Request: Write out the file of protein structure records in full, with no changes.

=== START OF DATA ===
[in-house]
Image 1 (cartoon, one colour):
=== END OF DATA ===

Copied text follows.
[in-house]
Image 1 (cartoon, one colour):